The “clownish” nature of the data isn’t referring to the idea that researchers only study cultivated or wild things (the data of cultivated species can be used too, though it’s not as useful for as many studies) but to the fact that these two must be treated separately in order to be useful for researchers who use this data. If it’s a jumbled mix of the two without any way of distinguishing them, it’s either useless or requires so much data cleaning as to make it not worth using. This is why this topic is such an important one.
your pesky Pelargoniums are our indigenous ;~)
but your agaves and cordylines, and little potted succulents - Fred Ives?
I will ID my way, as best I can, thru wild and planted (in Cape Town), and it is a huge advantage that iNat is international.
Yes, it is looking so with no consistence, and we lack specialists because of that, it doesn’t affect new users who post 3 lillies from their garden, but it affect old users who need more special kind of info or just somethig more than agreement on a regular species. Cultivated should be marked, there’re many reasons for that and it doesn’t prevent studying it.
I appreciate that @nathantaylor thanks for the clarification. I said it above, and I absolutely understand the need to mark things as cultivated. I’ve marked thousands (ok maybe just hundreds) of observations of plants as cultivated in Los Angeles. I just think it’s a little harsh to say the data is “clownish”. That reflects a bias towards biographic research (in my humble opinion) and doesn’t reflect the considerable onus on researchers using the data to vet and interpret the data they use in their analyses. Any researcher actually using other peoples data needs to be extremely careful with how they interpret these data–especially community science data. At least iNat has an open process for identification that can correct errors–a process which many traditional herbaria don’t have, or haven’t had until very recently. What seems to really be at issue here is that most folks commenting have a strong aesthetic preference for puzzling over the identities of wild native plants of local significance. And they would prefer to spend their time on interesting identifications rather than mindlessly clicking on “captive/cultivated”. I totally understand! My contention is that this may be a content moderation/user experience issue more than a data quality issue per se. I don’t see how it’s different from my experience trying to identify thousands of shaky cell phone photos of distant, nearly unidentifiable birds. Nevertheless those are eligible for research grade, but an absolute perfect photo of a rare plant in restoration site, with wonderful attention to anatomical detail isn’t (?). If we change our perspective ever so slightly, we could look at this as an opportunity to learn about and teach about cultivated plants–if we all did so, we would lessen the burden on other identifiers and spread botanical knowledge. I’m hoping that folks can accept that these cultivated records aren’t necessarily worthless (unless you are only interested in biogeography, and even then they could have value for the biogeography of other groups of organisms, or for understanding how non-native species get introduced!). Maybe we can actually leverage them to improve everyones experience. That’s my hope. With utmost and complete respect and admiration to everyone here. Who I sincerely agree with on almost everything. Also I’d like some help identifying cultivated plants on the UCLA campus: https://www.inaturalist.org/projects/ucla-campus-biodiversity?tab=observations. ;-)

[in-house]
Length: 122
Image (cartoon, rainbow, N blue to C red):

I think that’s an overstatement. If you are interested in how the plant functions as a host plant, or interested in how much of it there simply is around, then it might not actually matter. Consider the case of Tropical Milkweed. It would be nice to know more about how much there is so we could study whether it’s playing a role in Monarch butterfly populations. Also other planted milkweeds. https://xerces.org/blog/tropical-milkweed-a-no-grow